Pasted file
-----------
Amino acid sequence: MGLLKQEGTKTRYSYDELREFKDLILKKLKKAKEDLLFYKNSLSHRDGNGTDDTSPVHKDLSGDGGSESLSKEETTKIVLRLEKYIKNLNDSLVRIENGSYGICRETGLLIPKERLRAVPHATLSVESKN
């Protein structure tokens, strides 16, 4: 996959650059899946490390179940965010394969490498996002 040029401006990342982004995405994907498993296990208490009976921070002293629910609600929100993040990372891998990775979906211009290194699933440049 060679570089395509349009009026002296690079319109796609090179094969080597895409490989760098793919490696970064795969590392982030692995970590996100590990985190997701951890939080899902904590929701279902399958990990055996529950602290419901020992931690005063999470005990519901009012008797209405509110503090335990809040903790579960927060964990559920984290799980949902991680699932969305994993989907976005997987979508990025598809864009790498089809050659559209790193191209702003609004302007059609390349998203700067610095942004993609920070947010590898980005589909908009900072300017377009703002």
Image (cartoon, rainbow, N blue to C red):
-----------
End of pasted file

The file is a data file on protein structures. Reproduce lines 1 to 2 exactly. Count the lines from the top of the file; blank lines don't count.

Amino acid sequence: MGLLKQEGTKTRYSYDELREFKDLILKKLKKAKEDLLFYKNSLSHRDGNGTDDTSPVHKDLSGDGGSESLSKEETTKIVLRLEKYIKNLNDSLVRIENGSYGICRETGLLIPKERLRAVPHATLSVESKN
């Protein structure tokens, strides 16, 4: 996959650059899946490390179940965010394969490498996002 040029401006990342982004995405994907498993296990208490009976921070002293629910609600929100993040990372891998990775979906211009290194699933440049 060679570089395509349009009026002296690079319109796609090179094969080597895409490989760098793919490696970064795969590392982030692995970590996100590990985190997701951890939080899902904590929701279902399958990990055996529950602290419901020992931690005063999470005990519901009012008797209405509110503090335990809040903790579960927060964990559920984290799980949902991680699932969305994993989907976005997987979508990025598809864009790498089809050659559209790193191209702003609004302007059609390349998203700067610095942004993609920070947010590898980005589909908009900072300017377009703002």